It is said that a great cover letter compels a Recruiter to read your resume and a great resume ensures an interview and of course a great interview lands you the job. But in many cases 100’s of job applicants are vying for one coveted role. How can you make certain that you move from one step to the next? With the right brand. Branding isn’t just for organizations; we create an image of ourselves that we put forward to the world and this representation of ourselves is never as important as during a job hunt. Below are a few tips to ensure you are presenting the brand that best represents you.
Cover Letter & Resume
No Errors Allowed
I cannot stress this one enough. Spelling and grammar mistakes are unforgivable. Even one small error represents you as someone for whom shoddy work is acceptable. Recruiters are looking for ways to shorten the daunting stack of resumes; this is an easy way to dismiss you. Don’t let them. Proofread your documents, and then have someone else proofread them and then proof them again. Also, don’t count on spell check and grammar check to save you. Two of the most common mistakes I’ve seen are spelling “manger” for “manager” and the improper use of their, there and they’re which won’t necessarily get flagged in your documents.
White Space Please
Please do not cram as much information on your resume as possible. I assure you; if your resume is hard to read it won’t get read. Leave ample space between sections and keep your margins to the standard size. A clean, clear resume and cover letter in a font large enough to actually read represent you as a professional who is confident in the skills listed. When you stuff as much on the page as possible you come across as a braggart trying to compensate with quantity over quality.
Short and Snappy
Your cover letter should be three paragraphs; a brief intro, a brief overview of experience and a brief overview of education. Then close with a brief line such as “I’m looking forward to hearing from you. Sincerely…” Did you catch that I was stressing you be brief? Don’t repeat the details that can be found on your resume. That is what your resume is for. Any more information than a brief (there’s that word again) introduction is too much. You want to be seen as a crisp communicator not muddled and verbose.
Make sure you highlight your strengths. Too often I’ve seen a key piece of information hidden between superfluous details. When you first sit down to write a resume start by listing your proudest achievements and the times when you most felt on top of your game. When you have completed your resume cross reference that list and make sure those particulars are clearly evident. There are a few ways of doing this such as a section dedicated to accomplishments, a line outlining highlighted undertakings at each employer or within the objective (for example: I’d like to continue my award winning sales career with an employer that allows me the opportunity for creativity.”
Speak in Numbers
Whether in the public or private sector, whether in for-profit or non-profit, and whether your role will spend or save money your potential employer is thinking about the bottom line. Don’t make them do the math for themselves. Which of the following sounds better to you? “With my last employer I was able to be creative with my HR initiatives as a result we saw productivity rise.” Not bad, but how about this? “Using a minimal budget and some ingenuity we created new team based initiatives that resulted in a 25% increase in production.” Much better. Arm yourself with these numerical details before the interview so you can present yourself as an asset who sees the bigger picture.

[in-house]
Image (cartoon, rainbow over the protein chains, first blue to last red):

Do your Homework
I open every single interview with “What do you know about my organization?” How a candidate answers tells me many things such as how much research they did, where they researched, and what information they took away from that research, all of which gives me clues into how they work and how they will fit in with my team. But nothing tells me more about a candidate then when they didn’t do any research at all. The bare minimum should be a visit to your prospective employer’s website but in this case more is best. Ideas include: looking for employees on Linked In to see what has been said about the company; conducting a simple Google search to lead you to current events, press releases, awards or potential trouble the organization may be in; and my personal favourite, pick up the phone and call a customer to ask about the culture and personality of the organization.
Take your Turn
Ask intelligent questions but at the very least ask questions. When the interviewers ask you if there is anything you want to know do not say “No, I think you’ve covered everything.” Instead ask a question; any question. Even if the interviewer has in fact covered everything ask for more details regarding something discussed earlier in the interview, ask about last year’s Christmas party or ask about the interviewer’s tenure with the organization. When you don’t ask a question the interviewer can be left wondering if you were interested and engaged in the organization or if you are just looking for a job. Present yourself as a thoughtful and attentive candidate and you just may find yourself as their newest employee.